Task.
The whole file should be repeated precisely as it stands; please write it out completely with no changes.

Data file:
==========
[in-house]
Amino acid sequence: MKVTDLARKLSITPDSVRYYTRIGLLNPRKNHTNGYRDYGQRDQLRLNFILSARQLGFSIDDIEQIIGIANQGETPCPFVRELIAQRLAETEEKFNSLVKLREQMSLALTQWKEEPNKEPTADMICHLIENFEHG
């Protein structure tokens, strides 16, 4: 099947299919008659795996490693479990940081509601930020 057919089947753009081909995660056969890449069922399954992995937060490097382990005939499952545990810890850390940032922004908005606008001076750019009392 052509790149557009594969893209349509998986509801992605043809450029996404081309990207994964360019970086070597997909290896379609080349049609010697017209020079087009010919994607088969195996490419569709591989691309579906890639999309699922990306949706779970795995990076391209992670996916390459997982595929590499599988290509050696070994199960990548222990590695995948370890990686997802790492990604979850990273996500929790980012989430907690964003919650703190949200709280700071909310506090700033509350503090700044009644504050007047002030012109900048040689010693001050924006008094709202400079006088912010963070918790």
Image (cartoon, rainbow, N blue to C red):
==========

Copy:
[in-house]
Amino acid sequence: MKVTDLARKLSITPDSVRYYTRIGLLNPRKNHTNGYRDYGQRDQLRLNFILSARQLGFSIDDIEQIIGIANQGETPCPFVRELIAQRLAETEEKFNSLVKLREQMSLALTQWKEEPNKEPTADMICHLIENFEHG
């Protein structure tokens, strides 16, 4: 099947299919008659795996490693479990940081509601930020 057919089947753009081909995660056969890449069922399954992995937060490097382990005939499952545990810890850390940032922004908005606008001076750019009392 052509790149557009594969893209349509998986509801992605043809450029996404081309990207994964360019970086070597997909290896379609080349049609010697017209020079087009010919994607088969195996490419569709591989691309579906890639999309699922990306949706779970795995990076391209992670996916390459997982595929590499599988290509050696070994199960990548222990590695995948370890990686997802790492990604979850990273996500929790980012989430907690964003919650703190949200709280700071909310506090700033509350503090700044009644504050007047002030012109900048040689010693001050924006008094709202400079006088912010963070918790």
Image (cartoon, rainbow, N blue to C red):